Objective—To evaluate reproducibility of ejection fraction (EF), myocardial perfusion (MP), and pulmonary transit time (PTT) measured in a group of dogs by use of contrast echocardiography and to examine safety of this method by evaluating cardiac troponin I concentrations.
Animals—6 healthy dogs.
Procedures—2 bolus injections and a constant rate infusion of contrast agent were administered IV. Echocardiographic EF was determined by use of the area-length method and was calculated without and with contrast agent. The PTT and normalized PTT (PTT/mean R-R interval) were measured for each bolus. Constant rate infusion was used for global MP evaluation, and regional MP was calculated by use of a real-time method in 4 regions of interest of the left ventricle. Cardiac troponin I concentration was analyzed before and after contrast agent administration. Intraoberserver and interobserver variability was calculated.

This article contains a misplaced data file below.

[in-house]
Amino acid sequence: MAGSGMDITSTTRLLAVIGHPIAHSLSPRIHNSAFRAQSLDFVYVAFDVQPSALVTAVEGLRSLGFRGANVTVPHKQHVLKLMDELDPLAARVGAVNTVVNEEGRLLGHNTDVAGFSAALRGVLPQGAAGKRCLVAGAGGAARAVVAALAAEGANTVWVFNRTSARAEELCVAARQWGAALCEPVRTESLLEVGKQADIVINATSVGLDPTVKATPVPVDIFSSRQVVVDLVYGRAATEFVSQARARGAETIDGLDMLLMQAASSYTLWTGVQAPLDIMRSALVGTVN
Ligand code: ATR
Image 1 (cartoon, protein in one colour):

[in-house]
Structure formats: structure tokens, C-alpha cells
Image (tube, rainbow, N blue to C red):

Results—EF was easier to determine with the ultrasonographic contrast agent. For the first and second bolus, mean ± SD PTT was 1.8 ± 0.2 seconds and 2.1 ± 0.3 seconds and normalized PTT was 3.4 ± 0.3 seconds and 3.5 ± 0.3 seconds, respectively. A coefficient of variation < 15% was obtained for global MP but not for the regional MPs. No differences were detected between precontrast and postcontrast cardiac troponin I concentrations.
Conclusions and Clinical Relevance—Contrast echocardiography appeared to be a repeat-able and safe technique for use in the evaluation of global MP and PTT in healthy dogs, and it improved delineation of the endocardial border in dogs.